The Diary of a Nose by Jean-Claude Ellena was so helpful in writing this book that it got a mention in the text as one of Vic’s comfort reads (it also gets a nod when Vic describes a certain chemical combination that creates the scent of pears, which is in fact Ellena’s pear accord). Chandler Burr’s The Emperor of Scent was also a great resource. And I always end up mentioning Jude Doyle’s “My quest to find the great American perfume” which is the article in The Guardian that inspired the short story that became the book.
The interpersonal connections that Vic makes with others are unexpectedly strong for someone with such a dark secret to hide. Even Vic seems surprised to be included by Beau, Jane, and Giovanni in their group. Why do you think this group is drawn to Vic?
Oh, this is such a chewy question! I think when writing in first person, or even close third, the motivations of secondary and tertiary characters are really valuable but can be difficult to convey. Often, they present excellent solutions to issues with the primary character or problems with the plot, but I also think they’re not necessarily an author’s go-to when these problems arise. It’s always such a delightful surprise when I remember that I can dig into secondary character motivations as a resource.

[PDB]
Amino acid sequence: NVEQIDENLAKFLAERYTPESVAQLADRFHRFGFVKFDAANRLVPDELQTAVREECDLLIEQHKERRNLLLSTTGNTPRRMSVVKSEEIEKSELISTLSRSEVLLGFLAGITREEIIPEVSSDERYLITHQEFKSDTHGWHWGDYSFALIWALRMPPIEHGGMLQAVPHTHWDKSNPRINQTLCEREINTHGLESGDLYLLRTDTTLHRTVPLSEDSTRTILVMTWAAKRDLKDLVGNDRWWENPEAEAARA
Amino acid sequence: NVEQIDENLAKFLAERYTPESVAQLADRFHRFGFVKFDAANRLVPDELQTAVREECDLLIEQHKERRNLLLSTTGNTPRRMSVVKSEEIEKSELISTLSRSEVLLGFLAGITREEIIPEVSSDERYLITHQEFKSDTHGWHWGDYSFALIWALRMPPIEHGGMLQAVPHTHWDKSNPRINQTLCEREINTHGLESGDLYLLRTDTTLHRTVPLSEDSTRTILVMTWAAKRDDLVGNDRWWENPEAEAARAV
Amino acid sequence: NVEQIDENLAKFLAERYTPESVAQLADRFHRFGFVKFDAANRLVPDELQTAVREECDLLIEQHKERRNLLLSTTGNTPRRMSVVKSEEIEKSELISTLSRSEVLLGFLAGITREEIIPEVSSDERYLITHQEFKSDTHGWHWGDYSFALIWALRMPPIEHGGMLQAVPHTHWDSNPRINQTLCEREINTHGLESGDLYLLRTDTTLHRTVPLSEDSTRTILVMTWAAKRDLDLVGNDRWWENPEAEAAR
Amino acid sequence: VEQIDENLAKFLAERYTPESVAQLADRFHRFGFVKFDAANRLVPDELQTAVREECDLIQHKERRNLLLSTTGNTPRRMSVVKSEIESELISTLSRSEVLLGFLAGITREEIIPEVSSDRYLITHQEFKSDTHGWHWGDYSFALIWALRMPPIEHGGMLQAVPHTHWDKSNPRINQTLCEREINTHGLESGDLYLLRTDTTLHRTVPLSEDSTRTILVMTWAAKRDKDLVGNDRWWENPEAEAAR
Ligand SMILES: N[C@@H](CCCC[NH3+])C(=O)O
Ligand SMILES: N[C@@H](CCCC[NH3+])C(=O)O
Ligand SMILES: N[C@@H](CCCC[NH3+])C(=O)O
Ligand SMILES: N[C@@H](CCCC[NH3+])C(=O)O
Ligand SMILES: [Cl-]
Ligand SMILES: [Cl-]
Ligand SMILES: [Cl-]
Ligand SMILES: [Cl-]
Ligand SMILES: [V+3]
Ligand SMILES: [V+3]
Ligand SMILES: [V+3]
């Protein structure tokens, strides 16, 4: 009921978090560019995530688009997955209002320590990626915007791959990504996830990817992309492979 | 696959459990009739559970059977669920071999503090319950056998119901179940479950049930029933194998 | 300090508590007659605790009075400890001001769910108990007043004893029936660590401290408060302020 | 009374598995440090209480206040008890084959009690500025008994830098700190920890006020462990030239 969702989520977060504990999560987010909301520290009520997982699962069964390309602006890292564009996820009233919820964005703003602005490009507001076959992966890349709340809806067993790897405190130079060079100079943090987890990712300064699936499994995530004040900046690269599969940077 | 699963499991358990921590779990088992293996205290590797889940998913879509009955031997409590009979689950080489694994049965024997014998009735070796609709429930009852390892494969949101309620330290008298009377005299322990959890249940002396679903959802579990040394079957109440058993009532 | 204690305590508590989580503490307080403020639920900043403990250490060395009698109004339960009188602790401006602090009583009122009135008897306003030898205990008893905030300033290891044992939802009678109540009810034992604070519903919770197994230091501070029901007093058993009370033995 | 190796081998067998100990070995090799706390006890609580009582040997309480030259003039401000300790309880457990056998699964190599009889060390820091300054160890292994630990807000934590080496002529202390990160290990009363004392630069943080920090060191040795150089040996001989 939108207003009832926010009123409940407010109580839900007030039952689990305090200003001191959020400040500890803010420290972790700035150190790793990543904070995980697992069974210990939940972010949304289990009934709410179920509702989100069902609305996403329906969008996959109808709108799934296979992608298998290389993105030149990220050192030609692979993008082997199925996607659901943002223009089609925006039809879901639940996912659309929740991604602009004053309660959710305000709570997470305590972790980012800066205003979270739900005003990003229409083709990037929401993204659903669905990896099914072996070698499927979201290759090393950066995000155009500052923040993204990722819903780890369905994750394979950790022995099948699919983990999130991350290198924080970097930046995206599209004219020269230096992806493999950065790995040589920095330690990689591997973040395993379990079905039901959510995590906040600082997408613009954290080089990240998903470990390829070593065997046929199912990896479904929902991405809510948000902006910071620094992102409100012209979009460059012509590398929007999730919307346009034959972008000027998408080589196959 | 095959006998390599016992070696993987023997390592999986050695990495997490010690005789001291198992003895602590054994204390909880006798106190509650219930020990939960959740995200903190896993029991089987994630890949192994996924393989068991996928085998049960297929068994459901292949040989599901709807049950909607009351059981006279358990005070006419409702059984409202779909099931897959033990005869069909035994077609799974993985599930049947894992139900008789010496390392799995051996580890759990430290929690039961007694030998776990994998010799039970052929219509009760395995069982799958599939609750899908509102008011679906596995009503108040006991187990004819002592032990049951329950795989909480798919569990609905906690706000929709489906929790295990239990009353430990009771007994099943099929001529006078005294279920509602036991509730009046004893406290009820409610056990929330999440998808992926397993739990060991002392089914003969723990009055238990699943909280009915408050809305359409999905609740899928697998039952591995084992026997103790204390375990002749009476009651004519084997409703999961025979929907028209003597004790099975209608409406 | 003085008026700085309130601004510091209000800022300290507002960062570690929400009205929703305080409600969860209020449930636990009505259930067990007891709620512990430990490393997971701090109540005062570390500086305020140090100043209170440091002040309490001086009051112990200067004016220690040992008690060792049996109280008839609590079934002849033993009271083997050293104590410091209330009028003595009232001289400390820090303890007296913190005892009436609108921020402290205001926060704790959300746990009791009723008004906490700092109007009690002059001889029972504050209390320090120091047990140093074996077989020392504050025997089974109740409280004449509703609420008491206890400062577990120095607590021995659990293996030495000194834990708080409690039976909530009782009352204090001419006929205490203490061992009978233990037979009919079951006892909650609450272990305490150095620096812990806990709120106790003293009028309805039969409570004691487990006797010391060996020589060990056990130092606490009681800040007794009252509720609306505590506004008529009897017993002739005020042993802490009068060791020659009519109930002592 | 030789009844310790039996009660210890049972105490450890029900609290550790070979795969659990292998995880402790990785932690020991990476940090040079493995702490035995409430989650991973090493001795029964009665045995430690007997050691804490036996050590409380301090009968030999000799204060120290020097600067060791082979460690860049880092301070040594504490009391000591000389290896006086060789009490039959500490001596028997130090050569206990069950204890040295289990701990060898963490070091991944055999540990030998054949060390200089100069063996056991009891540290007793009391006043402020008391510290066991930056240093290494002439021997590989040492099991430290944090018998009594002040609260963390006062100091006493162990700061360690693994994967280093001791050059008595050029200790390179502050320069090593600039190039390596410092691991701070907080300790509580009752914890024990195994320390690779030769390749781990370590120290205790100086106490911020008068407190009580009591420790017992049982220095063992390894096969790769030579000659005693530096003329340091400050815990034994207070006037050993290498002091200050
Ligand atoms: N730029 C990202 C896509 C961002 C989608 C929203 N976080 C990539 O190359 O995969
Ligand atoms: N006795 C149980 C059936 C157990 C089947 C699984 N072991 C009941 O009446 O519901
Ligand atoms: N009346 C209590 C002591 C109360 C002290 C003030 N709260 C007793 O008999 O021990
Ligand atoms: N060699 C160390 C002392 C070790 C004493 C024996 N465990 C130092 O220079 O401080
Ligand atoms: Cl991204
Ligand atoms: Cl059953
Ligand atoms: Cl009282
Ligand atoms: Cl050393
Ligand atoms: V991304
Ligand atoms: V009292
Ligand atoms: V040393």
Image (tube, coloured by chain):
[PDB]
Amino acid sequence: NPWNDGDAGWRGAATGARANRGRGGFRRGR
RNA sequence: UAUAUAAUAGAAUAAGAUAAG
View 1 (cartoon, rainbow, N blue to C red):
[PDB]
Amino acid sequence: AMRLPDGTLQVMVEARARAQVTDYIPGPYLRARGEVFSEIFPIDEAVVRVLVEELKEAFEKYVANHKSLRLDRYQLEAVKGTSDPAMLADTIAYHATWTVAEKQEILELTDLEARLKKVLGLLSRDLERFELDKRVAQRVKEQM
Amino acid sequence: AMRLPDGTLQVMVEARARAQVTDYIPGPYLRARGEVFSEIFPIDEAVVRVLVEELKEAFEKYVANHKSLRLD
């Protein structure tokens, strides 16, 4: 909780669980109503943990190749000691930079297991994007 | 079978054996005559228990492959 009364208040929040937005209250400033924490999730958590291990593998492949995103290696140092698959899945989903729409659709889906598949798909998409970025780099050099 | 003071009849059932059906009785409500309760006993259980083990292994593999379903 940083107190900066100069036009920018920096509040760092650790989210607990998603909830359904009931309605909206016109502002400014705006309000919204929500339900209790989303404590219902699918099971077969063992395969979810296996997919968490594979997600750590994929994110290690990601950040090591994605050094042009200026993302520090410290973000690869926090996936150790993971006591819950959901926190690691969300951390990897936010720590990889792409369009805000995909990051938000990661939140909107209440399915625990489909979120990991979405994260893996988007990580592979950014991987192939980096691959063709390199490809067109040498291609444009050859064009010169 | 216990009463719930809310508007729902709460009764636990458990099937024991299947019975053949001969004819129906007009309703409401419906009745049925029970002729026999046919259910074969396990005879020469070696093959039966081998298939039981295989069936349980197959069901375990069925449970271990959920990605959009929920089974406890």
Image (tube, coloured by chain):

Jane here is the easy one: In Vic, she sees herself. Ruthless, singularly focused, driven, ready to sacrifice anything for art. Jane wants to be Vic because Vic made the choice that Jane didn’t: Vic never sold out for a salary. Jane is closest to giving up on the relationship when Vic evinces remorse or indecision; that’s not something she wants to hear. Her fantasy for herself doesn’t include any wavering.
Because Jane likes Vic, Beau is willing to take a chance. He is probably fascinated with Vic for many of the same reasons he’s attracted to Jane. He’s the kind of person who makes snap judgments about people and sticks with those judgments until proven wrong; in this case the judgment is positive and remains so far longer than it should. I think he also likes people he perceives to be on his team: in this case, another tasteful but skint purveyor of luxuries who could spend a wealthy client’s money far better than that client could.